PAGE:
You might explain to your children that history is often biased by the teller. Other discussion topics:
- some of the ways that the Crusades involved some impure motives as well as pure
- Pope Urban promising a "free ticket to heaven" (as the video discusses) for anyone who promised their soul to the Crusades. Can a Pope do that? How does the Bible say we're saved in verses like Ephesians 2:8-9? What might have prevented Christians from knowing verses about grace (i.e. not having a Bible in the language they spoke)?
- What do they think about the Crusades? Were they a wise idea? Why, or why not? How do they think that the Bible suggests we respond to actions like the Muslim occupancy of Jerusalem?
- Verses to consider: Luke 17:20-21; 1 Peter 3:15-16; Colossians 4:5.
- For older children, discuss the difference between the Israelites taking over the Promised Land in the book of Joshua versus modern-day religious aggression, like the recent Quran-burning day. I gently suggest the difference between Old Testament responses to other religions and New Testament responses were that in the Old Testament, God was creating a pure nation--a pure people--holy to Himself. Now, He's still concerned about a pure people, but those people are His Church: us.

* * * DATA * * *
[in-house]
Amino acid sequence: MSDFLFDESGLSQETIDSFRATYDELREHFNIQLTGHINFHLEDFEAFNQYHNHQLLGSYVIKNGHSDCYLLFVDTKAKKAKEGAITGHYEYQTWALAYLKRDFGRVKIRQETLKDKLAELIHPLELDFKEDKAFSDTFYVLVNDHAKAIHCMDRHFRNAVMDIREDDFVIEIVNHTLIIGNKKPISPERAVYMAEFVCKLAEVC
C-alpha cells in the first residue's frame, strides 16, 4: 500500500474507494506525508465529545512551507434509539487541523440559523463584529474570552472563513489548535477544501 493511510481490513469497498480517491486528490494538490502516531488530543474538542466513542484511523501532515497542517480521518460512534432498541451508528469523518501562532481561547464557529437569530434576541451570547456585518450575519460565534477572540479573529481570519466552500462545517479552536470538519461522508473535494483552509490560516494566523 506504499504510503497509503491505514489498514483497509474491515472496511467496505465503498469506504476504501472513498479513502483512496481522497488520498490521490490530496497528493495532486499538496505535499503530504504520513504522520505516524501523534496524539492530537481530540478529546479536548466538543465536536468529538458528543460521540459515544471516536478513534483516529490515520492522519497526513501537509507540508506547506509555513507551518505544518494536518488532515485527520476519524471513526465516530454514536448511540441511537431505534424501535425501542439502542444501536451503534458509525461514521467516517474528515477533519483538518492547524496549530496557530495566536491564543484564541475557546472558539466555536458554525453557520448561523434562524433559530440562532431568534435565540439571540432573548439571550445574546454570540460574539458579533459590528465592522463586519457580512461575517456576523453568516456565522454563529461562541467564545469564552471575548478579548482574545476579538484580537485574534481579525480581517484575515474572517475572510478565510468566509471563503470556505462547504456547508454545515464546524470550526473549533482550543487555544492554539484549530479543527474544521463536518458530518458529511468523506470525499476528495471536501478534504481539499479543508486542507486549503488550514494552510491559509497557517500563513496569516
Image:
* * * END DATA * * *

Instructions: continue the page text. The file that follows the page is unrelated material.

- Do we ever do things with mixed motives? What can happen when mixed motives lead a lot of people? Verses to consider: Matthew 5:8; Psalm 86:11; Ezekiel 11:19.
- Can good things happen from impure motives? Can bad things ever happen from pure motives?
- When might military action against another religion be a good thing? (An example: preventing the spread of Islam through the Battle of Tours; the battle of Armageddon.) How can we tell the difference? How is our world and our country different from those who went to fight against Islam?